If you look above at the textbook example problem, you will see that this is all done on an abstract level.  Students in second grade still need to operate at the concrete level (manipulatives, realia) before moving to a connecting level (manipulatives and numbers/symbols) and finally working at the symbolic and abstract levels.

When trying to do this lesson, I had the great idea of using a laminated card with a math frame so we could do many of these problems as guided practice.  What I quickly found out, was that my students could NOT come up mentally with an addend that would make a ten.  I assumed that they had had so much practice with ten frames in first grade, that making a ten was second nature.  But it was apparent that it was not!  So I had to backtrack and begin by practicing making a ten.  They just needed more practice in various ways, even if it meant using their fingers.


Games are always a great way for kids to practice basic skills.  We practiced making a ten using a die.  I would roll one die, and the students had to hold up the number of fingers to complete the ten (what's the missing addend? is the terminology I used).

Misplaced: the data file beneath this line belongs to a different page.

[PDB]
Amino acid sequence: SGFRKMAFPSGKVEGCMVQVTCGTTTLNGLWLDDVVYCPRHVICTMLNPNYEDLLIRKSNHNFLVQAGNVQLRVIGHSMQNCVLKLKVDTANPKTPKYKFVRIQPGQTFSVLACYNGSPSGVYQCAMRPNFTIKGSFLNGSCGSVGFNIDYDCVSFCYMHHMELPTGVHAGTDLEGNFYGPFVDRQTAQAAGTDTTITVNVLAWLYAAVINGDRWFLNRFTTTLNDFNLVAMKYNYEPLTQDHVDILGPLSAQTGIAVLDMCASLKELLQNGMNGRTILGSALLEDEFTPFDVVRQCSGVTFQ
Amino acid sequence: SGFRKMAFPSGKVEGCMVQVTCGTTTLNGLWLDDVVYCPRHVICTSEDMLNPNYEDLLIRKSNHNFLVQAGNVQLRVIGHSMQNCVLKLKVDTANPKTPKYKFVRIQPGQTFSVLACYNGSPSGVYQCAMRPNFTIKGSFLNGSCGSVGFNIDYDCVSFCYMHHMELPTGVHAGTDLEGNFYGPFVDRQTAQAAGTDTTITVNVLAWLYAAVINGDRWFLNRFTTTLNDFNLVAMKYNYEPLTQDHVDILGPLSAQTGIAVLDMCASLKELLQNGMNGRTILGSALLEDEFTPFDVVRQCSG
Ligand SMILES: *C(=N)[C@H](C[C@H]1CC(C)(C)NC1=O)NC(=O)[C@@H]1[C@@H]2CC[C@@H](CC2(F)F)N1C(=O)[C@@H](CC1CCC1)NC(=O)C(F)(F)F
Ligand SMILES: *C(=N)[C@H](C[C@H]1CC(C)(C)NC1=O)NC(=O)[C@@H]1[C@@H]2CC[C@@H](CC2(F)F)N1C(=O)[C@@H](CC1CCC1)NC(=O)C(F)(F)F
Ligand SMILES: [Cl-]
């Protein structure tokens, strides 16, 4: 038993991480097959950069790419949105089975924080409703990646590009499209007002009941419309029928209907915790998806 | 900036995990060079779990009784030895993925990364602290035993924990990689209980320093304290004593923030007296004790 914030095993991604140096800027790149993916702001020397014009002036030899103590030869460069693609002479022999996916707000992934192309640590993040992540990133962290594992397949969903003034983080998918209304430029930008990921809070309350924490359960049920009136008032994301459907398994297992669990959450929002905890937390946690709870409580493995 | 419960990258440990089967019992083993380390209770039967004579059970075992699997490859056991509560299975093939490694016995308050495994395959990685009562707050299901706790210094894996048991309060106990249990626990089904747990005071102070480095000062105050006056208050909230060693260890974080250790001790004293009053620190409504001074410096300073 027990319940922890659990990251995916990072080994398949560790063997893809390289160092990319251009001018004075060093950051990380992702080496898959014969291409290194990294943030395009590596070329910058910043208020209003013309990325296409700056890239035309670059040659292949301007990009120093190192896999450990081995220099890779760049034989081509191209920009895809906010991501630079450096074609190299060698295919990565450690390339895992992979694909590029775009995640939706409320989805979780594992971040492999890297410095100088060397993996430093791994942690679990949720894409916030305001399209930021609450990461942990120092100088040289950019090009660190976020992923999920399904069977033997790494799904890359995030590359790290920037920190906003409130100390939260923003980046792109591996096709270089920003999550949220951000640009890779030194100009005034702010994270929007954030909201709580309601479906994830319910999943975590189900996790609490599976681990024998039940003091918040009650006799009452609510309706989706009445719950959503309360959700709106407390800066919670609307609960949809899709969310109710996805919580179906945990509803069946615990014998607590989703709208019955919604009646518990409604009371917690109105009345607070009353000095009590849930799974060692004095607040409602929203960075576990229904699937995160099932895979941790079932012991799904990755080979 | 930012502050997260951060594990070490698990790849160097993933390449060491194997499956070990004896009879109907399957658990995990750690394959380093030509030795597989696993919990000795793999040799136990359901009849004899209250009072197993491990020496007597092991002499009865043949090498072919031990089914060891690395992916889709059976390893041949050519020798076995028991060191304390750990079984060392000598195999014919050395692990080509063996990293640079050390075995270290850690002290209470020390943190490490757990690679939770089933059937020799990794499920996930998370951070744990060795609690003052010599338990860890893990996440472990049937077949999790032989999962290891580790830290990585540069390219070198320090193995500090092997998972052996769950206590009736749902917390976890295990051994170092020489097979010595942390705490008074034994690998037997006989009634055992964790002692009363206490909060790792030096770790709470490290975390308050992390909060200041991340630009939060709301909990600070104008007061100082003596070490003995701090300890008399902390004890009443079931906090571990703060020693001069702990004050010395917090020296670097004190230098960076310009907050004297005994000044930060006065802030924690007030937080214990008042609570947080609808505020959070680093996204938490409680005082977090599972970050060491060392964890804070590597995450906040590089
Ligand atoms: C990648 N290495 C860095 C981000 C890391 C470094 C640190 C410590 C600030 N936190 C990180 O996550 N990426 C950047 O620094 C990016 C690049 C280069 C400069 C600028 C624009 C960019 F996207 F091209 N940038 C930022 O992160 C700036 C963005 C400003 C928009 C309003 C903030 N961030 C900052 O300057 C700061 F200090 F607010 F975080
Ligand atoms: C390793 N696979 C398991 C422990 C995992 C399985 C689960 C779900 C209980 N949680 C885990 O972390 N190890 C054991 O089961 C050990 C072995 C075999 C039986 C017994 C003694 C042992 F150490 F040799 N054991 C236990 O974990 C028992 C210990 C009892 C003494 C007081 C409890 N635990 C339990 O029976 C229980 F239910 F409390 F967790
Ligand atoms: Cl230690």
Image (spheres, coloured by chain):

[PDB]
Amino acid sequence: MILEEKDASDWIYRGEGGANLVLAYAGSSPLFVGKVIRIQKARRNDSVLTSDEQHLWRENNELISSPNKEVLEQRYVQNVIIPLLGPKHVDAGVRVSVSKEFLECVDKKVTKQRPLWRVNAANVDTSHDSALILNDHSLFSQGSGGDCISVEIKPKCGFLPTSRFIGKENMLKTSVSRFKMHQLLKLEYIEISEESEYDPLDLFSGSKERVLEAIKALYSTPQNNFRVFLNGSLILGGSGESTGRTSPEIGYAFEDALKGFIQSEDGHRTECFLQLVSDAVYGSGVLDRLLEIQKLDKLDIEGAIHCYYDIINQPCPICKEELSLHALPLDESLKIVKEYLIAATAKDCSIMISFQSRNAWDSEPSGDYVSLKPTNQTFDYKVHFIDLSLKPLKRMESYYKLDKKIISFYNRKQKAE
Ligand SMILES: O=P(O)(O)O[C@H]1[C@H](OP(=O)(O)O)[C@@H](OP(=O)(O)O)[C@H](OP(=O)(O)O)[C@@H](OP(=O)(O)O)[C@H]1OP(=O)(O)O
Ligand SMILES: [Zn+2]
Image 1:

Another way was to use the Chromebooks and find online games.  I found 2 particular games that I found fun and accomplished the task of finding corresponding addends that add up to ten.

This online game can be found here:  http://www.mathplayground.com/number_bonds_10.html.

This online game can be found here:  http://gotkidsgames.com/tt/tt.html.

We also added all the combinations of 10 to our Math Journal for reference.  We noted that there were patterns to making a ten.  We also found a double and demonstrated the Commutative Property of Addition.